There has never been a greater pressure to get IT projects right the first time. In most businesses, IT projects still struggle to get sign-off unless they deliver a rapid return on investment. Project delays or failures can wreck those ROI calculations.
In the public sector, IT is in the spotlight after the government’s Spending Review. While IT is central to efficiency savings, the public sector continues to suffer well-publicised failures.
In the face of these problems there is an ever-increasing emphasis on project management methodologies - covering everything from requirements gathering to end user acceptance testing. Nevertheless, a frustratingly large number of projects still go wrong.
Getting failing projects back on track where possible, or killing them off where necessary, is one of the hardest jobs in IT management. It requires a combination of deep insight into business processes and technology, project management methodologies and leadership, combined with superb diplomatic skills.
Signs of distressed projects
“There are many signs that a project is in distress,” explains Robert Westcott, an Interim CIO and Programme Manager. “The most common thing I see is that top management continues to be assured everything will be all right, while some other aspect of the project is very wrong”.
While all projects are different, some common characteristics of troubled projects include weak governance, blame shifting, incomplete deliverables and low team morale.
Daniel Naoum, co-founder of Valueshore, says, “the clearest and most obvious sign [of a troubled project] is when a project misses milestones”. When milestones slip more than once and no one has a firm idea of when the project will be completed, there is cause for concern.
A large budget or long delivery timeline may also indicate that a project is likely to get into distress. Andrew Taylor, Managing director of Bellington Black, a consultancy providing interim management support, says that his “personal target is to have no project running for more than 12 months from the initial specification to sign-off”. He explains that this allows a much better management of the scope and resources required by the project.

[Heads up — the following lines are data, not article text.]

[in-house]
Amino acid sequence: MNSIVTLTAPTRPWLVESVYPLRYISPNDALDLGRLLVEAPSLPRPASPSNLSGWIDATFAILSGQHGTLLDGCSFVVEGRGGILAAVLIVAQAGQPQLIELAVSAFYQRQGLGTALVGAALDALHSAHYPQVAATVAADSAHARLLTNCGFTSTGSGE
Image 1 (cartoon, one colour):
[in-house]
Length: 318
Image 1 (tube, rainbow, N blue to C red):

Recognising when a project is struggling and the causes of its problems is an important job for IT managers. Too often, mid-level managers become preoccupied with the day-to-day pressures of a difficult project and interim IT consultants are required to turn the project around.
Kill or rescue?
Deciding whether projects should be salvaged or dropped is a key decision.
Andrew Taylor says “there definitely is no formula for this [decision] but either way you would aim to at least cut back the project scope to deliver what is possible in the immediate period”.
A sound business case and delivery strategy must also be made for rescuing a project, explains Robert Westcott.
Deciding whether to rescue a project requires a comprehensive assessment of the costs and benefits of continuing. There is no silver bullet in this process and assessing the viability of a project requires strong project management skills.
For an in-depth project assessment, interim IT managers must fully understand the problem at hand. Managers must be aware of the project history and identify the people and data needs required to salvage the project.
Throughout this assessment phase, close communication with sponsors and the project team is essential. Talking to everyone involved in the project, explains Andrew Taylor, allows interim IT managers to understand the state of the project, the working environment and relationships within the current team.
Doing a thorough assessment enables sponsors and managers to decide whether a project is worth saving, and if it is, how this should be done.